Steve Turnbaugh, his football coach and teacher at Hereford High School, remembered how Snyder wanted to build his muscles so he would fill out his Marine uniform – but also helped a disabled student work out.
The Hereford community is still mourning the death of Snyder's friend and classmate Lance Corporal Norman W. Anderson III. The two enlisted together after graduating in 2002. Anderson was killed Oct. 19 by a suicide car bomb during combat in Karabilah, Iraq.
Snyder and Anderson met in middle school and played on the high school football team together. The Snyder and Anderson families have combined their efforts to gather funds to create a scholarship in their sons' names, Hereford High teacher Ginny Hoy said yesterday afternoon.
Marine Cpl. Jared Smith described how Snyder pushed him out of the path of an oncoming van while they were on patrol in Afghanistan, where they served before going to Iraq.
“He protected me,” Smith said. “He protected others.”
Snyder will be buried at 2 p.m. today at Arlington National Cemetery. Friends will gather at 11 a.m. at the Wal-Mart parking lot, 2320 Hanover Pike, Hampstead, for the funeral procession to Arlington. The procession will leave the parking lot at 11:30 a.m.
A memorial service will be held at 6:30 p.m. Friday in the gymnasium at Hereford High School, 17301 York Road.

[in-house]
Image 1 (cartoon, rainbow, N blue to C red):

War in Iraq, Afghanistan has claimed ex-athletes
by Mike Klingaman
Courtesy of the Baltimore Sun
16 July 2007Some starred on their high school athletic teams. Some barely received any playing time. But each served his country and died in Iraq or Afghanistan.A former swim team star was killed while defusing a roadside bomb; a one-time running back sacrificed himself so that his comrades might live. During one 14-month period in 2005-2006, at least six former athletes from Baltimore-area high schools — Marines, sailors and soldiers — died in the war. The eldest was 31 years old, the youngest 20.
To a man, they carried with them overseas the love of sport. And though they did not return, their schools, teammates and families will not forget their courage on and off the field.
Norman Anderson III was a stalwart running back, Josh Snyder a selfless receiver. Their framed jerseys hang ceremoniously on a wall in the Hereford High gym, but not for obvious reasons.
“No one will ever wear these numbers [33 and 26] again,” coach Steve Turnbaugh said of the first jerseys retired in Hereford history. “Maybe these two weren't the best players ever, but they certainly proved their heroism in a far larger scheme than football.”